Choosing a Credential Evaluation Service
There are roughly 195 countries in the world, and only about 53 of them list English as an official language. Many people speak English as a second language--and for many it is their third or fourth!
No matter their first language, people around the world strive to better themselves through education. They might migrate to different countries and even continents in pursuit of a great education. The United States offers the biggest education market in the world, and therefore draws a huge number of international students from all over the world. This diversity of applicants and their respective education systems necessitates a common ground for evaluating educational credentials.
This is where credential evaluators play a part. They work according to a well-formulated ethical standard in the field of foreign educational evaluation in order to serve people who have completed part or all of their education outside of the United States and who are seeking further education (or even professional licensure or employment in the USA). There is no government agency that particularly monitors these foreign credential evaluation services, therefore most of them are certified, recognized or affiliated with various boards and associations.
Affiliation with a selective association is an important indication of the quality of a credential evaluation service and an assurance that the evaluations it performs will be reliable. It is important to note that many universities have their own credential evaluation department which independently carries out their own evaluation of documents, and that these universities may not accept credential evaluations from other evaluators, even if they are part of recognized associations.
Choosing a foreign educational credential evaluation service is similar to choosing other professional service providers.
Questions to ask when choosing a credential evaluation agency
- The first and most important question is: Is the credential evaluator a member of any of the following associations? It's important to note that the U.S. Department of State recognizes only AICE and NACES as member organizations which credit evaluation can be requested.
- National Association of Credential Evaluation Services (NACES)
- Association of International Credential Evaluators (AICE)
- American Evaluation Association (AEA)
- European Association of International Education (EAIE)
- American Translation Association (ATA)
- NAFSA: Association of International Educators (NAFSA)
- American Association of Collegiate Registrars and Admissions Officers (AACRAO)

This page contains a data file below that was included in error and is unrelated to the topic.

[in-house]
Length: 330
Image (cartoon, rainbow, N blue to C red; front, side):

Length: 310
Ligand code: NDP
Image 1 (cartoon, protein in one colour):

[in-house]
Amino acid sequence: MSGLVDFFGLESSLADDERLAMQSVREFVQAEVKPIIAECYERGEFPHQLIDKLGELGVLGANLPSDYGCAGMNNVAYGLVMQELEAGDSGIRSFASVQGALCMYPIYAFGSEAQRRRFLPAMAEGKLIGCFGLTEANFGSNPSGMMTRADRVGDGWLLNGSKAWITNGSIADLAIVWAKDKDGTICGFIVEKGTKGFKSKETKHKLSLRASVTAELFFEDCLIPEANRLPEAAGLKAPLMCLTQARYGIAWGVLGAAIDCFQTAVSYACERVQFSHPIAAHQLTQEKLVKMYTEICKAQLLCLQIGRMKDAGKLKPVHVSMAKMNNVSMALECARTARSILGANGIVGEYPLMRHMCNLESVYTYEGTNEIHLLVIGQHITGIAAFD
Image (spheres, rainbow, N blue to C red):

- America-Mideast Educational and Training Services, Inc. (AMIDEAST)
- Does the evaluator offer the type of credential evaluation required for the pertaining course and/or documents?
- Are the credential evaluation reports presented in the necessary format for the intended purpose?
- How competent are the fees for these credential evaluation reports?
- What is the average time taken for these credential evaluation reports? What kind of rush period/emergency policies does the credential evaluation agency have?
- Credential evaluators on an average may take anywhere between one to four weeks to issue an evaluation report.
- Does the credential evaluation agency have a quick and efficient setup for answering customer queries?
- Is the credential evaluator able to provide genuine client references/reviews? How good and reliable are they?
- How long does the credential evaluation agency keep their records?
- Is it possible to obtain more copies of the credential evaluation from the evaluator if needed in the future and what is the procedure to obtain the same?
- How long has the credential evaluation agency been in this business?
- What is their refund policy in case of withdrawal of the evaluation application?
- Can the type of evaluation request be changed once placed? What sort of penalties apply?
- What policy does the credential evaluation agency have to handle disputes?
The internet has made this process a lot easier, as most credential evaluation associations provide a list of credential evaluators affiliated with them on their site. Additionally, the websites of these credential evaluators often list the details necessary for choosing an appropriate credential evaluator. Some of the most commonly used evaluators in the United States include International Education Research Foundation, Inc. (IERF), Academic Evaluation Services (AES), World Education Service (WES), Educational Credential Evaluators, and Inc. (ECE).
Customer satisfaction is held in high priority by most well acclaimed credential evaluators. If a student disagrees with an outcome of a credential evaluation, or seeks any sort of clarification, these credential evaluators oblige by providing responses with explanations entailing methods, procedures and other considerations involved into the credential evaluation process.